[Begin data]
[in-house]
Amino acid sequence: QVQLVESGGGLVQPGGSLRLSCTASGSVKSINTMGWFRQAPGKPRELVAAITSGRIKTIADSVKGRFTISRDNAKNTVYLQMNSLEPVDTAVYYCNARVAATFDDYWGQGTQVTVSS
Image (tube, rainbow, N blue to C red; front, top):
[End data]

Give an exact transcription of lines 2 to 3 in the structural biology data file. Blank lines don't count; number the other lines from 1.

Amino acid sequence: QVQLVESGGGLVQPGGSLRLSCTASGSVKSINTMGWFRQAPGKPRELVAAITSGRIKTIADSVKGRFTISRDNAKNTVYLQMNSLEPVDTAVYYCNARVAATFDDYWGQGTQVTVSS
Image (tube, rainbow, N blue to C red; front, top):